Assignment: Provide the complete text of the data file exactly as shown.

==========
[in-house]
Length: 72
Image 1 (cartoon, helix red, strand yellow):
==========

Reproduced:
[in-house]
Length: 72
Image 1 (cartoon, helix red, strand yellow):